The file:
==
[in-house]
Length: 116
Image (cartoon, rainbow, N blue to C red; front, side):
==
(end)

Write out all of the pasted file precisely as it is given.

[in-house]
Length: 116
Image (cartoon, rainbow, N blue to C red; front, side):